OTOH, I'm running Monterey on my maxxed-out 2018 Mini. I push it really hard with multiple Mac apps running at the same time as a 32gb/4-core Windows 10 VM running demanding GIS software. I see out of application memory alerts from time to time on that machine, even though it has 64gb RAM. :eek: But, like I said, I push it really hard. I think that one of the issues is BackBlaze however. My GIS work involves downloading and processing some really huge files (100gb to as much as 400gb). This creates a lot of big intermediate files that I delete when I'm done with them. I think all this activity just causes BackBlaze to "thrash", trying to back up the files as I create/delete them. When I'm doing this kind of work, I switch BackBlaze to manual backups and that seems to fix things. So, I wonder if that could be related to your problem - if you're creating a bunch of new files in your photo library?

These Mini really are workhorses aren't they? I also do an excessive amount of data processing with my Mac Mini (though after looking at cloud pricing recently I really ought to reconsider).

However, while I am the last person to recommend running to a new computer whenever there is trouble and resent forced upgrades to keep things working as well as they were, tthis is a case where I think the OP should go for that M1 mini (or better) mentioned.

10 years is a good life for a computer and 4GB of nonupgradable RAM is hard to work with. For whateer reason the new OS need more RAM to do the same things. If the RAM was upgradable on the 2014 Mini like it is on the 2018 Mini, I'd recommend bumping that up to get another few years out of it rather than getting a new computer. But sincie it's not and it's earned it's keep for 10 years (at least in total over all its owners), now seems like the time. And at least the 1TB SSD should be salvagable to bring to the next computer (perhaps needing a new external enclosure).

If the original poster's needs are just Photos and the like, an M1 would probably be fine and should be well supported for another 3-5 years. I've seen M1 Mini's on Apple's refurb site for < $500. An M2/16GB model would provide a little more headroom/future-proofing and I think I've seen those for $680.

Either that or go back to Mojave or earlier (which as we both experience is very smooth even with 8GB and probably fine with 4GB too). However I am assuming the OP upgraded to Monterey for a reason -- perhaps continuing security updates, updated Safari, etc -- and doesn't want to go back. Even if it is among my favorite macOS.
 

Boyd01

Moderator
Staff member
Feb 21, 2012
7,717
4,600
New Jersey Pine Barrens
When I'm doing this kind of work, I switch BackBlaze to manual backups and that seems to fix things. So, I wonder if that could be related to your problem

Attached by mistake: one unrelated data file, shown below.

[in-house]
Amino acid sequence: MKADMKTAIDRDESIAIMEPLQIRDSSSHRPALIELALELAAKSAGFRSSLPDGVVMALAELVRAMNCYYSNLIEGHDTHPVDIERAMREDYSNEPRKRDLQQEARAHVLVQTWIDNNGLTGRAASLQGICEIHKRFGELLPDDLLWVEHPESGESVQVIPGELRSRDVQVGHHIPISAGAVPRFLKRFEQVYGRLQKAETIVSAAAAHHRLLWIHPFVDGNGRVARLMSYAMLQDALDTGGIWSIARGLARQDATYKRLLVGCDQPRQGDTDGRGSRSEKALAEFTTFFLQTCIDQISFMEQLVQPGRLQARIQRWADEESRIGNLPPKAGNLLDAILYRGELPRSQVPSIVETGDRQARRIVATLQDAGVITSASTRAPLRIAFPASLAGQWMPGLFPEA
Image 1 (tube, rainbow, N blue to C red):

Funny - I got an alert from Backblaze that I hadn't backed up last night. So, I switched it to continuous backup and went to bed, with my Mini busy doing some overnight processing. Woke up this morning with an "out of application memory" error!

I think Backblaze has a way of eating up free memory on Monterey, there was something like 16gb free when I switched it on. You might try turning it off on your Mini and see if that makes a difference. My 2014 Mini also runs Backblaze, but it's on Mojave.
 

Boyd01

Moderator
Staff member
Feb 21, 2012
7,717
4,600
New Jersey Pine Barrens
Could you switch to "All processes" and take the screenshots again please?

And have a look at the bztransmit process for BackBlaze. It is using from about 3.7gb to over 4gb of RAM on my 64gb 2018 Mini under Monterey. On my 4gb 2014 Mini with Mojave, bztransmit is currently not running - probably because I haven't added any files to that server for quite awhile. But would be interesting to see how much it uses on your Mini if you're frequently adding photos to your library.
 

harleytat

macrumors newbie
Original poster
Jul 22, 2002
22
3
@Boyd01: It looks like bztransmit is, at the moment, using upwards of 1TB of memory. That ain't gonna work.

I'd say we add an average amount of photos, maybe a dozen a day? And the external drives are actually quite static, unless I've just dumped a bunch of work files onto one of the archive drives. What seems to be the culprit, according to this forum thread, is the sheer number of files I've selected for backup—over 4.5 million 😬. (The work I do means I can sometimes generate thousands of files a day.)

I guess it's new Mac time...

Thanks, everyone!
 
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Boyd01

Moderator
Staff member
Feb 21, 2012
7,717
4,600
New Jersey Pine Barrens
@Boyd01:What seems to be the culprit, according to this forum thread, is the sheer number of files I've selected for backup—over 4.5 million 😬. (The work I do means I can sometimes generate thousands of files a day.)

Haha, that's nothing, here's what I'm backing up!

Screen Shot 2024-05-15 at 9.46.53 PM.png


It's not unusual for me to generate millions - even tens of millions - of files per day. I make maps that consist of either .jpg or .png 256x256 pixel "tiles".

I don't really know, but suspect these aren't necessarily the problem for me. It's the huge files (100gb or more) that I constantly create, then delete that I think it has a hard time with. Seems to break them into small parts before transferring which is also a CPU load.
 

Boyd01

Moderator
Staff member
Feb 21, 2012
7,717
4,600
New Jersey Pine Barrens
Had a look after a full night of continuous backups. It really does seem to grab as much free memory as it can. Turned it off again since I'm going to be creating a lot of big files today. :)

backblaze.png